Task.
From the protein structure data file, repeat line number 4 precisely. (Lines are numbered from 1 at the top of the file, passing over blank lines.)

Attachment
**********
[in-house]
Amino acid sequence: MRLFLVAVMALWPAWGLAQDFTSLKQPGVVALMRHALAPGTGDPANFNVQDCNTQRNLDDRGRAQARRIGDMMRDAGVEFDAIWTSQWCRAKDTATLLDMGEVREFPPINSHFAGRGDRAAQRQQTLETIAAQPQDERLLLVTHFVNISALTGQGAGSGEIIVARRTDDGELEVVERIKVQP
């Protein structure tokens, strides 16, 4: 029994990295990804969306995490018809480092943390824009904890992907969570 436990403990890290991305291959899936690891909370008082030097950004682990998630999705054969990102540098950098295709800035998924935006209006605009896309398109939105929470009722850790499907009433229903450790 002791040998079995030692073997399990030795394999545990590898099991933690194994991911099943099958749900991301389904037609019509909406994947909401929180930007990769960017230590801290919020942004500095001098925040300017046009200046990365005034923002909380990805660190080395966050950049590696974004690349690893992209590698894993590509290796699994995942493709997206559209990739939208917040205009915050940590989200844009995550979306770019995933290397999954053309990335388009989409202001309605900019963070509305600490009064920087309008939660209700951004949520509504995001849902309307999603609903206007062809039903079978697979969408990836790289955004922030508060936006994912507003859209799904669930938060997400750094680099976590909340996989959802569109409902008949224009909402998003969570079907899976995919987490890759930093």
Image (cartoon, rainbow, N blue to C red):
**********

Image (cartoon, rainbow, N blue to C red):